restoring our biblical and constitutional foundations


A Twenty-First Century Church

 David Alan Black  

Power has ruined America. Not only on the Left. Now it has done the same for the Right. I analyzed this problem in my book Why I Stopped Listening to Rush: Confessions of a Recovering Neocon. The Right has a large clientele. When it takes a wrong turn it turns all its followers in the wrong direction. The Right has taken over every platitude, every trite slogan. It has prostituted itself with power, status, and wealth. Only a few would deny that these same attitudes have infiltrated the church. There is only one small light left in the darkness, and it is the pure Word of God. A recovery of some fundamentals is still possible, but only if we obey the Scriptures. Here is where the Master’s genius is fully revealed. He turns the status grid on its head. Power cannot last if we do not worship it.

We must take the existing patterns of church life seriously as a point from which renewal can begin. Rather than hit-and-run tactics, an inclusive strategy can and must be agreed upon. Speaking as a realist, there will always be a degree of continuity with present patterns of church life, rigid and uncritical though they may be. I am quite sure that pseudoradical ideas (including some ideas coming out of the emerging church movement) will not work because they have the same money, paid staff, buildings, investments, clericalism, and institutionalism as do most conventional churches. Of greatest importance is that we stop viewing the church as an end rather than a means to an end: it is God’s means of sculpturing a new humanity, a spiritual kingdom out of the dross of humanity. It is time for constructive new proposals, and more and more churchmen (including bloggers) are asking what can be done. If the Spirit is willing, and if we act together, change can happen – change for the better, for the advancement of the kingdom, and for the glory of God.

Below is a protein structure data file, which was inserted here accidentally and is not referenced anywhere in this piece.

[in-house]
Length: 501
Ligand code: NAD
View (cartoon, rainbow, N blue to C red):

What, then, might the renewed church of the twenty-first century look like? It will be a serving church. Its organizational structure will be simple, unencumbered by bureaucrats and bureaucracies. Its financial priorities will reflect a commitment to missions, local and global. Capital expenditures will be reduced and the savings earmarked for discipleship. Jobs that are currently salaried positions will be filled by volunteer help or eliminated. Denominations will make drastic reductions in funds spent on publications that are a waste of the church’s money (bulletins, Sunday School quarterlies – the Bible will be used instead – and glossy magazines). Church buildings will be used for primary and secondary Christian education. Believers will gladly work transdenominationally and cooperatively, especially at the local level. The church will proclaim the Good News of the Gospel as its first priority while not neglecting the cultural mandate. A full-fledged lay ministry will replace clericalism. Individual believers will be expected to assume specialized ministries according to their giftedness. Churches will provide regular lay training (with the seminaries assisting them) and build voluntary programs of education into their structures. Worship will no longer be confined to a single time or place. Preoccupation with church buildings will be seen for what it is – idolatry. The church will no longer cling to its prerogatives but take the form of a servant. It will refuse any longer to shun the secular. Trained pastors will become humble assistants to the “ministers” – every member. In this renewed church we will encounter disciples who take the going forth as seriously as they do the gathering. New members will be asked to specify a regular community involvement (neighborhood council, PTA, volunteer library staff, nursing home visitation, etc.) in addition to their commitment to a ministry in the church.

The points I have been making (and I could offer many more examples of positive descriptions of the renewed church) do not represent simply my own opinion. They are backed up by countless studies that contrast sharply with the grandiose structures we have become accustomed to since Christendom came on the scene. The fight of faith to which we are committed is not a battle against Christianity. It is a battle to free Christianity from the shackles of Christendom, to smash our idols, and to establish a church that is once again characterized by poverty of spirit.

Has the Bible ever taught otherwise?

September 1, 2007

David Alan Black is the editor of

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